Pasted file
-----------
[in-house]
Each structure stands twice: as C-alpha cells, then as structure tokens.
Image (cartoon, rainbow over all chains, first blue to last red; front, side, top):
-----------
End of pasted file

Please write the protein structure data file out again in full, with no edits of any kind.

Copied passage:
[in-house]
Each structure stands twice: as C-alpha cells, then as structure tokens.
Image (cartoon, rainbow over all chains, first blue to last red; front, side, top):